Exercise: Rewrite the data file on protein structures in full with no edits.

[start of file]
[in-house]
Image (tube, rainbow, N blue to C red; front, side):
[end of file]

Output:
[in-house]
Image (tube, rainbow, N blue to C red; front, side):